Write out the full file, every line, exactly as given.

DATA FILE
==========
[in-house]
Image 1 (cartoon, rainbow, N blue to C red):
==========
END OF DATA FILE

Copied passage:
[in-house]
Image 1 (cartoon, rainbow, N blue to C red):